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Effectiveness of Intramammary Antibiotics, Internal Teat Sealants, or Both at Dry-Off in Dairy Cows: Milk Production and Somatic Cell Count Outcomes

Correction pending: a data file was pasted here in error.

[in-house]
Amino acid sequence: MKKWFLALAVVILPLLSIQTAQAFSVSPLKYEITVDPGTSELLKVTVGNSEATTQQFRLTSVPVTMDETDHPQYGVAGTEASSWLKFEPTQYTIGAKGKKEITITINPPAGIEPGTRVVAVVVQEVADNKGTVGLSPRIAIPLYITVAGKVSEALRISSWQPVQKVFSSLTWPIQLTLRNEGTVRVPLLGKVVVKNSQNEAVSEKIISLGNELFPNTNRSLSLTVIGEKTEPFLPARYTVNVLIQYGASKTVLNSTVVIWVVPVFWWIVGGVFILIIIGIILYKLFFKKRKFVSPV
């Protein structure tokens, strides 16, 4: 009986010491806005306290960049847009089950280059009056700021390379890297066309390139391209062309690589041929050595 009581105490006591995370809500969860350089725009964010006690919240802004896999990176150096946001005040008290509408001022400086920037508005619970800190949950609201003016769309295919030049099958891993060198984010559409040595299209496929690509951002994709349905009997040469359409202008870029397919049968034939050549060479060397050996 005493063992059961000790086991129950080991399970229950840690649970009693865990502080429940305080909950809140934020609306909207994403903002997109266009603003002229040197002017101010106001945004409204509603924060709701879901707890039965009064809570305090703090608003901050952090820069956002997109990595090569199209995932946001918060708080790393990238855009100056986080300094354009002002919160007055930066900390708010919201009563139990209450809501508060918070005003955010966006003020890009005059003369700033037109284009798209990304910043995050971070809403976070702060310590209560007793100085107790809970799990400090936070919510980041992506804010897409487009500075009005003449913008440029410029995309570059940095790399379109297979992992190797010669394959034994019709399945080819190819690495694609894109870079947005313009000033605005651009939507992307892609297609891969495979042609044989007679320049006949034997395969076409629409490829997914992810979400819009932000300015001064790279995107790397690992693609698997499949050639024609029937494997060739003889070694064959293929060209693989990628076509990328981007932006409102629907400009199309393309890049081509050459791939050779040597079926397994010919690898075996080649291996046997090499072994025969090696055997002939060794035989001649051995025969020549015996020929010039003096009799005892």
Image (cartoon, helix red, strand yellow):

Mastitis is the greatest disease challenge for dairy producers, with substantial economic impacts due to lost milk production. Amongst the approaches implemented to control and prevent mastitis on dairies are vaccination, pre- and post-milking teat dips, and treatments at dry-off including intramammary antibiotics and teat sealants. The objectives of our study were to evaluate the effect of different treatments at dry-off on the subsequent lactation's milk production and somatic cell count (SCC). A single-blinded controlled block randomized clinical trial was conducted between December 2016 and August 2018 on eight herds from four of the top ten milk-producing counties in California: Tulare, Kings, Stanislaus, and San Joaquin. The trial was repeated with cows enrolled during the winter and summer seasons to account for seasonal variability. Eligible cows were treated at dry-off with either intramammary antibiotics (AB), internal teat sealant (TS), AB + TS, or did not receive any treatment (control), and were followed through 150 days in milk (DIM) post-calving. The milk production and SCC data were extracted from monthly test day milk records (Dairy Comp 305, Valley Ag Software, Tulare, CA, USA). Two-piece spline linear mixed models were used to model the milk production (kg) and natural logarithm-transformed SCC. After accounting for parity, breed, season, and dry period duration, the milk model showed a significant increase in milk production (1.84 kg/day) in cows treated with AB + TS at dry-off in comparison to controls. There was no significant difference in the milk produced by cows that received either AB or TS (0.12 kg/day, and 0.67 kg/day, respectively) in comparison to the untreated cows. Different dry cow treatments were associated with a significant reduction in ln SCC during the first 150 DIM. The greatest reduction was associated with using AB + TS, followed by AB, and finally TS in comparison to controls. Dairies with high SCC may benefit from treating cows at dry-off with AB, TS, or both.

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